ATmega 128

ATmega128 is a low-power CMOS 8-bit microcontroller based on the AVR enhanced RISC architecture (see figure 1). By executing powerful instructions in a single clock cycle, the ATmega128 achieves throughputs approaching 1 MIPS per 1 MHz for the maximum frequency 16MHz that means 16 MIPS. 

Having 133 instructions and most of them executed in one clock cycle, the processor can control until 53 input/output lines, 4 kBytes SRAM memory that include 32 x 8 bits registers, 4 kBytes EEPROM memory and 128 kBytes program flash memory.

A lot of peripheral devices are included on chip, such as: 2 timers at 8 bit each with prescalers and other 2 timer/counters 16 bits each that accept a large variety of programming modes. An analogue to digital converter is implemented on chip with 8 inputs that are multiplexed.

The microcontroller includes two USART (Universal Synchronous and Asynchronous Receive Transmit) units, one SPI (Serial Peripheral Interface) unit and the other TWI (Two Wire Interface), unit that allows implementation of a wide kind of possibilities for serial communication between the microcontroller and external systems.

A lot of possibilities are allowed to preset the system clock, such as: internal clock based on RC calibrated oscillator, external RC oscillator, and external crystal stabilized oscillator. The clock signal can be divided by software in a wide range of modes.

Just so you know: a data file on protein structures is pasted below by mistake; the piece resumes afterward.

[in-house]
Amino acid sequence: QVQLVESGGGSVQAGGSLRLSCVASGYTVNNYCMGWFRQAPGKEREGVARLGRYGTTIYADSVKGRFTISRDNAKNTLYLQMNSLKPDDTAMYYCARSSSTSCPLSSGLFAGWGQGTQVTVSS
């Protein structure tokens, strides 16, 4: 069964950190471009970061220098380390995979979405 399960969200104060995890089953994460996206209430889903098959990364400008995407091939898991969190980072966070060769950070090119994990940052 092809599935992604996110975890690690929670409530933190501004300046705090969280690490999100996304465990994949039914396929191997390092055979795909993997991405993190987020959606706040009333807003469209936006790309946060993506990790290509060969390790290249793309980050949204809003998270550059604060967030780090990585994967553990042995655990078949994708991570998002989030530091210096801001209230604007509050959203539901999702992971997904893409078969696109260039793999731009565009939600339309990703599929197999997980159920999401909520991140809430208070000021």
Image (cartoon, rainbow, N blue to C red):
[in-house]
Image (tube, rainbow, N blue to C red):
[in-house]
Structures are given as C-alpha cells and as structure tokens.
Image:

A large variety of power saving modes could be programmed in order to choose the optimal saving mode.

The direction of signal can be set for all the input/output lines (input / output 20mA /each line). If the port is programmed as a special peripheral unit (USART, timer, etc) this programming has priority. Interrupt sources are defined for all the peripheral devices that are treated separately using interrupt vectors.

Programming language includes instructions that implement the transfer of data from/to internal and external memory, transfer of data from/to input and output ports, using direct/indirect-addressing modes, decision instructions.

This allows to redirect the running of the program (logical and mathematical), functions of a bit or byte value, repeating instructions (loops without or with test applied in advance or at the end of loop) and arithmetical operations: addition, subtract, multiply and division. By using data transfer instructions the user can configure all the ports in a wide variety of modes, including also the internal memory and the mapping of registers in it.

Structure of ATmega 128 microcontroller

Figure 1 Structure of ATmega 128 microcontroller

The interrupt service routines run starting from fix addresses allowing to treat specifically each of interrupts. The time loss for the change of context is very low, only four clock cycles. In this period the processor recognizes the interrupt source.

It determines the highest priority if more interrupts occur simultaneously and, in this case, decides which of them will be treat first. After it saves in memory the program counter (PC) jumping to the interrupt service routine. For more information access the site:

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